Richard continues a high level of involvement in the community through such projects as commissions for the 1982 Commonwealth Games, the 2000 Olympic Games, and the Australian Bicentenary re-orchestration of Charles Williams' Majestic Fanfare (the ABC news theme). As an academic he has been Lecturer in Composition and conducting at the Queensland Conservatorium of Music and Visiting Fellow, University of Melbourne School of Music.

Currently, he works as Artistic Director of the West Australian Opera, a post held since 1997, and he has recently taken up the post of Artistic Consultant with Orchestra Victoria. In addition to these jobs, he works as a freelance artist throughout Australian and overseas.

Richard Mills can be contacted by email through his agent.

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Joan Wright

joan wright

Joan Wright was born in Tasmania and educated at Ogilvie High School. On graduating from the Tasmanian Conservatorium of Music she taught music at Fahan Girls' School in Hobart. In 1970 she travelled extensively overseas, studying at the Orff Institut in Salzburg for a year. During the 1980s Joan established the Young Conservatorium of Music and later held the position of Head of Music at Fahan Girls' School. In 1989 Joan accepted an appointment at Ogilvie High School, firstly as Head of Music and then in her final years at the School, as Head of Performing Arts. Together with her staff, Joan undertook a major development programme which included concert bands, an orchestra, rock groups, guitar and percussion ensembles, and several choirs.

Music Festivals represent one of Joan's areas of major achievement with the introduction of the School's Let's Sing choral event, which, in addition to celebrating Ogilvie's choral achievement, has attracted the presence of international children's choirs.

In December 2004, Joan retired from Ogilvie, although she will maintain strong links with the School as Choral Advisor and Conductor of the Senior Concert Choir and the newly established Alumni Association.

Joan has been a member of the well-known a cappella vocal ensemble, The Jane Franklin Consort, for over 15 years and is currently the Tasmanian State President of Australian National Choral Association (ANCA).

Ogilvie High School Concert Choir

ogilvie choir

photo taken at ChoralFest in Adelaide in 2004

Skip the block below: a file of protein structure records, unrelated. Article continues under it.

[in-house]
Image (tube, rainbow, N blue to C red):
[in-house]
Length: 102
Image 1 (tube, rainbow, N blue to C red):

[click on either of the above photos for a larger version in colour]

Elizabeth Rockliff

elizabeth rockliff

Elizabeth Rockliff was born on the North West Coast of Tasmania and studied pianoforte and Music Education at the Tasmanian Conservatorium of Music, graduating with a Bachelor of Arts in Music Education. She also has a Graduate Diploma in Performance and L.MUS.A. and L.T.C.L. in pianoforte.

As an accompanist and repetiteur, Elizabeth has been involved in musical activities around Hobart, officiating at Eisteddfods and working with various choral organisations including the Tasmanian Conservatorium Chorale for many years and more recently the Lyric Singers. She is now Head of Music at Ogilvie Girls High School and is an accompanist for choral and instrumental work. In addition to her classroom teaching role, she is involved with student support services and is a member of a senior team responsible for pastoral care and counselling of the girls.

Helen Todd (vocal coach)

Helen Todd has been associated with Ogilvie as Vocal Coach for the past eight years. She teaches Contemporary Voice in the Bachelor of Performing Arts in Launceston and at the Conservatorium of Music, Hobart. Helen's private practice work covers a wide range of vocal and choral techniques including jazz, rock, music theatre and classical vocal styles, as well as voice rehabilitation in speech and singing. She also tutors in confidence building, voice enhancement and interview techniques for the Beacon Foundation.

A regular presenter at national choral conferences, Helen specialises in the development and training of choral directors in safe vocal practice for choral singers.

Helen is Principal Vocal Coach for IHOS Music Theatre. She is the founder and Music Director of Song Sounds, Launceston's corporate and major functions entertainment troupe, and the co-founder of Song Sounds for Kids, Launceston's community-based choir for youth. In 2003 Helen was the vocal coach for the University of Tasmania's Australian premiere of Hydrogen Jukebox by Philip Glass, choral trainer for Deckchair Theatre's production of Mavis Goes to Timor for 10 Days on the Island and Co-Music Director for the Playhouse production of La Cage aux Folles.